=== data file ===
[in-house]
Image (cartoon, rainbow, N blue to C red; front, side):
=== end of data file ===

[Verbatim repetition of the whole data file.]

[in-house]
Image (cartoon, rainbow, N blue to C red; front, side):